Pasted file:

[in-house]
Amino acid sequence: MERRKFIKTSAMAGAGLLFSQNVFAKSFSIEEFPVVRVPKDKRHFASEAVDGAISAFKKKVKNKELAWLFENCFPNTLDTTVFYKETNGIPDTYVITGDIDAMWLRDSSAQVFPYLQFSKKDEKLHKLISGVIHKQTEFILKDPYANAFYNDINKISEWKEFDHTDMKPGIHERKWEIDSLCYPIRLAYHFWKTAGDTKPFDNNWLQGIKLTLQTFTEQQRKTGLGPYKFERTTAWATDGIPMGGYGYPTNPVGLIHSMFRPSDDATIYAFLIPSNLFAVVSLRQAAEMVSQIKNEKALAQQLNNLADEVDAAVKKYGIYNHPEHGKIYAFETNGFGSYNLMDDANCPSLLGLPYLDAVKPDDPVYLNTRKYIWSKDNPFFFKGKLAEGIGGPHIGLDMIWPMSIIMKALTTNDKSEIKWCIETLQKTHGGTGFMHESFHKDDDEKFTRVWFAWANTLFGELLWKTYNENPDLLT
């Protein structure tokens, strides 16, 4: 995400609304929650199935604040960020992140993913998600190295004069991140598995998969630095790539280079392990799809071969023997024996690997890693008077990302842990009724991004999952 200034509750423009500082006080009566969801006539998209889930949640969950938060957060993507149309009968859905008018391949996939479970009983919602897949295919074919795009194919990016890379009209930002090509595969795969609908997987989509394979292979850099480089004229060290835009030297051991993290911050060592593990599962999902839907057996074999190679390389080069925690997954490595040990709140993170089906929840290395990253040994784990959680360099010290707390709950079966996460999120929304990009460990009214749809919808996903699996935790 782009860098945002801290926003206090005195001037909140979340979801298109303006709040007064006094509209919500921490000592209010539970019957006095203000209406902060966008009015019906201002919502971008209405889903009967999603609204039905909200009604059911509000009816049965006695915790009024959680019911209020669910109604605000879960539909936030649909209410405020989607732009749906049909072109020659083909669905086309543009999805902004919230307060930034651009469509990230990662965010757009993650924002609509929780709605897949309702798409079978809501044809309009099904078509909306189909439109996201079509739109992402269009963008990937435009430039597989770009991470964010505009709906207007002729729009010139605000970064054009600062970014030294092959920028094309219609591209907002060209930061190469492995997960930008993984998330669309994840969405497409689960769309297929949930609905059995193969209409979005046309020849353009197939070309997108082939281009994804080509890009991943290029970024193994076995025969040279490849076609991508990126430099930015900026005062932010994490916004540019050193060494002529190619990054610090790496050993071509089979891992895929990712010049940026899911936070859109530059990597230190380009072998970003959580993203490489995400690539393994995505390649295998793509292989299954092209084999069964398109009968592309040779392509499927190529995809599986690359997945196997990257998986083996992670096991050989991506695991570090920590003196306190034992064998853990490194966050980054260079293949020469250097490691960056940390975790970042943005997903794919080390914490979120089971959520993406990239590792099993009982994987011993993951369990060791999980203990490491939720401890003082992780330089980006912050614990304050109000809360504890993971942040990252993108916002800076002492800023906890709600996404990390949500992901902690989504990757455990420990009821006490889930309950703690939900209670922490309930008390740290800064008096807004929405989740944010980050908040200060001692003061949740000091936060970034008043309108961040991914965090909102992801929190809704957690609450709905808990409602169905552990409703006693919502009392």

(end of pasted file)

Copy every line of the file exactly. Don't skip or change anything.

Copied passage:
[in-house]
Amino acid sequence: MERRKFIKTSAMAGAGLLFSQNVFAKSFSIEEFPVVRVPKDKRHFASEAVDGAISAFKKKVKNKELAWLFENCFPNTLDTTVFYKETNGIPDTYVITGDIDAMWLRDSSAQVFPYLQFSKKDEKLHKLISGVIHKQTEFILKDPYANAFYNDINKISEWKEFDHTDMKPGIHERKWEIDSLCYPIRLAYHFWKTAGDTKPFDNNWLQGIKLTLQTFTEQQRKTGLGPYKFERTTAWATDGIPMGGYGYPTNPVGLIHSMFRPSDDATIYAFLIPSNLFAVVSLRQAAEMVSQIKNEKALAQQLNNLADEVDAAVKKYGIYNHPEHGKIYAFETNGFGSYNLMDDANCPSLLGLPYLDAVKPDDPVYLNTRKYIWSKDNPFFFKGKLAEGIGGPHIGLDMIWPMSIIMKALTTNDKSEIKWCIETLQKTHGGTGFMHESFHKDDDEKFTRVWFAWANTLFGELLWKTYNENPDLLT
């Protein structure tokens, strides 16, 4: 995400609304929650199935604040960020992140993913998600190295004069991140598995998969630095790539280079392990799809071969023997024996690997890693008077990302842990009724991004999952 200034509750423009500082006080009566969801006539998209889930949640969950938060957060993507149309009968859905008018391949996939479970009983919602897949295919074919795009194919990016890379009209930002090509595969795969609908997987989509394979292979850099480089004229060290835009030297051991993290911050060592593990599962999902839907057996074999190679390389080069925690997954490595040990709140993170089906929840290395990253040994784990959680360099010290707390709950079966996460999120929304990009460990009214749809919808996903699996935790 782009860098945002801290926003206090005195001037909140979340979801298109303006709040007064006094509209919500921490000592209010539970019957006095203000209406902060966008009015019906201002919502971008209405889903009967999603609204039905909200009604059911509000009816049965006695915790009024959680019911209020669910109604605000879960539909936030649909209410405020989607732009749906049909072109020659083909669905086309543009999805902004919230307060930034651009469509990230990662965010757009993650924002609509929780709605897949309702798409079978809501044809309009099904078509909306189909439109996201079509739109992402269009963008990937435009430039597989770009991470964010505009709906207007002729729009010139605000970064054009600062970014030294092959920028094309219609591209907002060209930061190469492995997960930008993984998330669309994840969405497409689960769309297929949930609905059995193969209409979005046309020849353009197939070309997108082939281009994804080509890009991943290029970024193994076995025969040279490849076609991508990126430099930015900026005062932010994490916004540019050193060494002529190619990054610090790496050993071509089979891992895929990712010049940026899911936070859109530059990597230190380009072998970003959580993203490489995400690539393994995505390649295998793509292989299954092209084999069964398109009968592309040779392509499927190529995809599986690359997945196997990257998986083996992670096991050989991506695991570090920590003196306190034992064998853990490194966050980054260079293949020469250097490691960056940390975790970042943005997903794919080390914490979120089971959520993406990239590792099993009982994987011993993951369990060791999980203990490491939720401890003082992780330089980006912050614990304050109000809360504890993971942040990252993108916002800076002492800023906890709600996404990390949500992901902690989504990757455990420990009821006490889930309950703690939900209670922490309930008390740290800064008096807004929405989740944010980050908040200060001692003061949740000091936060970034008043309108961040991914965090909102992801929190809704957690609450709905808990409602169905552990409703006693919502009392």